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Incorporation is an important part of ensuring the success of your startup, but the time it takes can depend on a wide range of factors, from the state you’ve chosen for incorporation to whether you’ve done the preliminary work to get your documents together. In this article, we’ve outlined the steps you need to take before incorporating as well as the approval process and general cost.
Advantages of incorporating a business
Corporations may require more work and money to maintain than sole proprietorships or Limited Liability Companies (LLCs), but they come with several benefits.
Incorporating your startup creates a legal entity that’s entirely separate from your personal finances and can save your personal assets if you encounter a business-related lawsuit. It offers stronger protection than you might receive from a sole proprietorship or an LLC. You can think of incorporation’s protections as a "liability shield.”
Another reason to incorporate is if you plan on raising capital. Because of their legal requirements, corporations are often trusted more by investors. In some cases, investors are required to invest in corporations and not other business structures. Corporations can also conduct activities that help investors, like issuing stock.
Incorporation is also an attractive option if you plan on eventually selling your company or taking it public because you can easily sell shares to transfer ownership to new business owners.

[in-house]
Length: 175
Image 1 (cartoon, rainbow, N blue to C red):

What is the process of incorporation?
There are several preliminary steps to take before you file for incorporation with your state business agency. The amount of time this process will take depends on factors like the complexity of your business and how much time it takes for you to put together your paperwork. If your business is relatively small and its structure is simple, you can complete these steps in just a few business days. If your business is more complex, it might take longer.
1. Decide on a corporation type
There are three main types of corporate entities that you can choose from:
- C-corporation: C-corporations are the most common type of corporation. They are legal entities that are separate from their business owners.
- S-corporation: Designed for small corporations (<100 shareholders), S-corporations offer more tax benefits than C-corporations and need to be registered with the IRS. Unfortunately, S-corporations are not recognized in every state.
- B-corporation: B-corporations are for-profit corporations that also offer a public benefit. This structure is recognized in most states.
2. Find a corporation name
Your corporation needs to have an official name. Many states have databases that you can parse to make sure you're not infringing on another business' name. Some states also require that you have "Corp," "Corporation," or some other variation in your business name. Check with your state's business agency to be sure of these requirements.
You don't need to worry too much about finding the perfect name from the start. You can always file for a doing business as or DBA to use a different name down the line. This is also known as a "certificate of assumed name" in some states.
3. Get a registered agent
A registered agent serves as your point of contact with the state where your business is registered. You can act as your own registered agent if you live in your business’ registered state. If you don't want that responsibility or don't live in the state where the corporation will be registered, you'll need to find or hire someone to serve as your registered agent.
4. Write up bylaws and articles of incorporation
Articles of incorporation are the official formation documents you must file with your state to start a new business. For LLCs, these documents are known as articles of organization. You can hire a business attorney to draft your articles, write them yourself, or use a template.
Additionally, you might want to spend some time gathering your corporation’s bylaws. If your business was structured as an LLC, these bylaws will be known as your operating agreement.